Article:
Although there are several versions of how unbranded cattle came to be known as "mavericks," nearly all of them involve Samuel A. Maverick, a native of South Carolina who moved to Texas in 1835. Between 1844 and 1847 Maverick moved his family to the vicinity of Decros Point on the Gulf Coast in Matagorda County. There, Maverick apparently reluctantly accepted a herd of 400 cattle instead of being repaid a $1,200 loan. When the family returned to San Antonio, he left the animals in the care of a black family. The cattle were neglected, and many of the calves were not branded. Residents soon were referring to any unbranded cow as "one of Maverick's." In 1854 Maverick was approached about his wandering cattle and sent two sons and some hired men to move what cattle they could find to his San Antonio ranch. In San Antonio the cattle were neglected again and allowed to roam unchecked over a wide area. In 1856 Maverick sold his cattle and brand to A. Toutant Beauregard, a brother of Confederate general Pierre G. T. Beauregard, on range delivery, which meant the purchasers had to hunt for the cattle on the open range. The men covered several counties looking for strays. Any unbranded cattle were claimed as "Maverick's" and branded. By 1857 people around San Antonio were referring to unbranded cattle over one year in age as "mavericks." Unbranded calves under that age and still suckling were considered to be the property of whoever owned the mother. After the Civil War there were numerous unbranded cattle, especially in Southwest Texas and on the coastal plains southeast of San Antonio, and the term became common. In the St. Louis Republic of November 16, 1889, George Madison Maverick, Samuel Maverick's son, published an article on the origin of the term maverick.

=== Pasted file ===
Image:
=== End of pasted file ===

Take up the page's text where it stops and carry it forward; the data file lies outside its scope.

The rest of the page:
The Eleventh Texas Legislature passed a law against driving another person's livestock from its accustomed range and theoretically outlawed mavericking, but the practice was not generally considered theft until the late 1880s, after open-range ranching gradually came to an end, and cattle ranchers began acquiring grazing land and fencing their property. The Cowboy Strike of 1883 occurred in part as a response to the ranchers' insistence that mavericks were company property and could not be taken by the cowboys as wages. More recently, the term maverick came to refer to any living creature, human or otherwise, that goes its own way rather than acting as part of a group or herd.
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David Dary, Cowboy Culture: A Saga of Five Centuries (New York: Knopf, 1981). J. Frank Dobie, The Longhorns (Boston: Little, Brown, 1941; rpt., Austin: University of Texas Press, 1980).
Ranching and Cowboys
The following, adapted from the Chicago Manual of Style, 15th edition, is the preferred citation for this entry.
“Mavericks and Mavericking,”
Handbook of Texas Online,
accessed August 15, 2022,
Published by the Texas State Historical Association.
Original Publication Date:
Most Recent Revision Date:
April 1, 1995